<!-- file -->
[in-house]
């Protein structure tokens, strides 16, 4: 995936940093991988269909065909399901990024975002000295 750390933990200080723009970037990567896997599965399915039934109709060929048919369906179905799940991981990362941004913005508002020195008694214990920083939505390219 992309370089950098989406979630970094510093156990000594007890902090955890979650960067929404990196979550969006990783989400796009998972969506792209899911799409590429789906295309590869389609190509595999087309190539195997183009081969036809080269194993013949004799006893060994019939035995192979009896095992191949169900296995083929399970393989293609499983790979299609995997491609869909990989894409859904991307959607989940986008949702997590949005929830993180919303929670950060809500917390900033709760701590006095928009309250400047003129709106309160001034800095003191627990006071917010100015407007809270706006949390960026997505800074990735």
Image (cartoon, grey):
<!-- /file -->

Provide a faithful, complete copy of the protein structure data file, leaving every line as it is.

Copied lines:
[in-house]
């Protein structure tokens, strides 16, 4: 995936940093991988269909065909399901990024975002000295 750390933990200080723009970037990567896997599965399915039934109709060929048919369906179905799940991981990362941004913005508002020195008694214990920083939505390219 992309370089950098989406979630970094510093156990000594007890902090955890979650960067929404990196979550969006990783989400796009998972969506792209899911799409590429789906295309590869389609190509595999087309190539195997183009081969036809080269194993013949004799006893060994019939035995192979009896095992191949169900296995083929399970393989293609499983790979299609995997491609869909990989894409859904991307959607989940986008949702997590949005929830993180919303929670950060809500917390900033709760701590006095928009309250400047003129709106309160001034800095003191627990006071917010100015407007809270706006949390960026997505800074990735």
Image (cartoon, grey):